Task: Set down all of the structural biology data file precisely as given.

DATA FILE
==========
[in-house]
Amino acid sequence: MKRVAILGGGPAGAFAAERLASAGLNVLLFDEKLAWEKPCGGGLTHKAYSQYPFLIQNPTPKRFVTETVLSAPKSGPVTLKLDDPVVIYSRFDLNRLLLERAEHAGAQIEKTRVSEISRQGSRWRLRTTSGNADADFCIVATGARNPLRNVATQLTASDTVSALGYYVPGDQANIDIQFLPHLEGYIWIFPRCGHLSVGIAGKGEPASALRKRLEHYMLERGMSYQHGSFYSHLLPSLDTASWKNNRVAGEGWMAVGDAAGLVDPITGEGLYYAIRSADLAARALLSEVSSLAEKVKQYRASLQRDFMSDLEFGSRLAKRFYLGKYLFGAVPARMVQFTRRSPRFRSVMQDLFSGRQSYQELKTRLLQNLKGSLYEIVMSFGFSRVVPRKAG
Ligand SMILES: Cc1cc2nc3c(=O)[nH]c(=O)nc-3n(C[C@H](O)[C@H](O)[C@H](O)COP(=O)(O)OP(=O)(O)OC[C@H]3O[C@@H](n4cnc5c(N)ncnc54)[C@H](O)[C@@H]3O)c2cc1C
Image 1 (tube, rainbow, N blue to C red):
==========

[in-house]
Amino acid sequence: MKRVAILGGGPAGAFAAERLASAGLNVLLFDEKLAWEKPCGGGLTHKAYSQYPFLIQNPTPKRFVTETVLSAPKSGPVTLKLDDPVVIYSRFDLNRLLLERAEHAGAQIEKTRVSEISRQGSRWRLRTTSGNADADFCIVATGARNPLRNVATQLTASDTVSALGYYVPGDQANIDIQFLPHLEGYIWIFPRCGHLSVGIAGKGEPASALRKRLEHYMLERGMSYQHGSFYSHLLPSLDTASWKNNRVAGEGWMAVGDAAGLVDPITGEGLYYAIRSADLAARALLSEVSSLAEKVKQYRASLQRDFMSDLEFGSRLAKRFYLGKYLFGAVPARMVQFTRRSPRFRSVMQDLFSGRQSYQELKTRLLQNLKGSLYEIVMSFGFSRVVPRKAG
Ligand SMILES: Cc1cc2nc3c(=O)[nH]c(=O)nc-3n(C[C@H](O)[C@H](O)[C@H](O)COP(=O)(O)OP(=O)(O)OC[C@H]3O[C@@H](n4cnc5c(N)ncnc54)[C@H](O)[C@@H]3O)c2cc1C
Image 1 (tube, rainbow, N blue to C red):